src/components/SearchContainer/Tabs/UserNodeData.jsx to make this happen (diff here):
Finding the Collateral Spread When a Node is Compromised
When we designate a node as owned, we want to see the ripple effect across the network. With our
wave property set, we can find those outbound paths like this:
This is similar to the “Find Shortest Paths to Here” idea, but we’re now interested in the paths branching out of a node instead of those coming in. For each new node in the paths we find, we’ll set the
wave property equal to the same
wave value of the source node(s).
Let’s see this idea in action with the example graphdb included in the BloodHound repo. If you’d like to follow along, I recommend working with a copy of the example graphdb to make starting fresh easier.
We’ll start our theoretical penetration test by firing up Responder and grabbing some NTLMv2 hashes. Assume we were able to crack the hashes and obtain cleartext passwords for two accounts, BLOPER@INTERNAL.LOCAL and JCARNEAL@INTERNAL.LOCAL. Let’s mark those two accounts as compromised using Cypher:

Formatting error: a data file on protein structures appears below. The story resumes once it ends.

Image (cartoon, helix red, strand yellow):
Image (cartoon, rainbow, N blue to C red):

We see two additions – both users are a MemberOf “DOMAIN USERS@INTERNAL.LOCAL”, and one user is AdminTo “SYSTEM38.INTERNAL.LOCAL”. Neat. Go ahead and add both of those nodes to
wave 1 as well:
Simple enough, right? Let’s build on these queries.
Showing Changes in Privilege Gains
We have a way for marking nodes as owned, and we can view the ripple effect of a wave. What happens when we compromise a disjoint set of nodes via some new method? What does the delta in our access look like? It would be terrific if we could see what’s available to us now that wasn’t available to us before.
We can use the same queries as before, but we’ll want to be careful not to overwrite data from previous waves. How do we know which nodes we compromised in previous waves? Each compromised node has a
wave property that already exists. If we detect that this property exists, then we know not to include it in the new wave. This can be done in Cypher by negating the
We’re still looking for the paths branching out (except using the second